The occasion on April 29 passed without fanfare as the 65-year-old worked quietly and alone, the final minutes winding down on a career as turbulent as it was influential.

As the foremost person tasked with saving a species as iconic as the grizzly bear, which teetered on the brink of extinction only 50 years ago, Servheen has been at the center of controversy and scrutiny for much of the last four decades.

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Grizzlies potentially at risk on 2 million acres after delisting

Grizzly on ranch east of Yellowstone - Wyoming Game and Fish Department
Grizzly on ranch east of Yellowstone – Wyoming Game and Fish Department

Here’s a pretty good discussion of the issues grizzly bears could face in parts of Wyoming after delisting goes into effect. Kudos to Bill Fordyce for spotting this one . . .

Wyoming will “discourage” grizzly bears — likely by hunting — from thousands of square miles they currently occupy in the Yellowstone ecosystem, state officials said recently while describing pending plans.

Grizzly bears can’t easily live without conflict in 3,236 square miles they now occupy on the fringes of the Yellowstone ecosystem, Wyoming wildlife authorities say, and the federal government agrees. Consequently, grizzlies now living on some of the ecosystem edges won’t be counted in official censuses and will be moved off, killed or hunted, sometimes even before they conflict with human activities, pending state and federal plans say.

Nevertheless, after the U.S. Fish and Wildlife Service removes the Yellowstone-area grizzly from the list of threatened species — a process that could be completed by the end of this year — the agency will continue to monitor grizzly populations in the core of the ecosystem. Area managers will strive for a population of 674 bears in the 19,270 square-mile central zone known as Demographic Monitoring Area. If that population is well distributed and fecund with breeding females, there’s enough habitat and regulations to make federal wildlife managers confident grizzlies will persist.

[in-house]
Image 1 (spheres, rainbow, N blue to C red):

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The New West: Democracy falters In delisting of Greater Yellowstone bears?

Grizzly Bear - Thomas Lefebvre, via Unsplash
Grizzly Bear – Thomas Lefebvre, via Unsplash

Here’s a strong editorial by Todd Wilkinson, Environmental Columnist for Explore Big Sky, making the case for disallowing trophy hunting of grizzly bears, even after they are delisted . . .

Nowhere in the legal framework of the federal Endangered Species Act does it mandate that animals removed from federal protection be subjected to trophy sport hunting.

America spent millions of dollars reversing the downward spiral of bald eagles. Indeed, someone today could argue that the majestic white-crowned raptors would be fun to shoot and look stunningly beautiful as dead stuffed prizes of avian taxidermy.

Yet when the great birds were finally declared biologically recovered in 2007, society didn’t celebrate by turning around and initiating sport seasons on eagles, selling licenses to generate revenue for the coffers of state wildlife agencies. Why not?